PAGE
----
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moon v1.17 - Full Bun support, TypeScript improvements, and more!

· 5 min read
Miles Johnson
Founder, developer

In this release, we've focused heavily on the JavaScript and TypeScript ecosystems, by improving our implementations, and providing full Bun support.

Bun tier 1, 2, and 3 support

Yes you read that right! Not just 1 tier, not just 2 tiers, but all 3 language tiers have been implemented for Bun, providing full language support, and parity with Node.js. Thanks to the Bun work in proto and the previous v1.16 release, we were able to add full Bun support with relative easy.

So what does Bun support look like? To start, you can now configure a bun setting in .moon/toolchain.yml, including an optional version to download and install, and settings similar to Node.js.

version: '1.0.13'
syncProjectWorkspaceDependencies: true

This will enable the bun platform and the following integrations are applied:

  • Will automatically download and install Bun for the configured version.
  • Will install dependencies using bun install (deduping currently not supported).
  • Will parse bun.lockb for dependency resolution and task hashing.
  • Will use bunx instead of npx for one-off package executions.
  • Can execute bun commands within tasks.

With the bun platform enabled, you can now configure the platform for projects and tasks (is automatically detected when running the bun or bunx commands).

# Default platform for all tasks (optional)
platform: 'bun'

command: 'bun run dev'
command: 'bun test'
command: 'eslint .'
# Only required for npm packages (if not defined above)
platform: 'bun'

TypeScript improvements

Configure the root directory

When moon was first designed, it was designed for JavaScript based monorepos. Because of this, there were a handful of assumptions that still exist today, one of which is that the moon workspace root was assumed to be the JavaScript and TypeScript root. The root is extremely important in resolving relative paths for project references and other path based functionality, so using the workspace root made the most sense.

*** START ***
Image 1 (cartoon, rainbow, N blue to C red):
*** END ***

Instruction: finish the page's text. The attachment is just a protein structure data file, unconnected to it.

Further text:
However, what if your TypeScript root isn't the workspace root? Or the TypeScript root and JavaScript root are different? Well, you were out of luck... until now! We're introducing a new setting called typescript.root, that denotes the root directory for TypeScript related functionality (relative from moon's workspace root).

root: './typescript'

Include shared types

Another common TypeScript practice is to have shared .d.ts types that are used across multiple projects, or to augment third-party types. This is so common that we felt obligated to support it in some capacity within moon. With that said, we're introducing a new setting, typescript.includeSharedTypes.

includeSharedTypes: true

When enabled, we'll automatically sync the shared types path to the include field of all relevant project tsconfig.jsons. However, for this to work correctly, the shared types must exist in a types folder relative from the TypeScript root.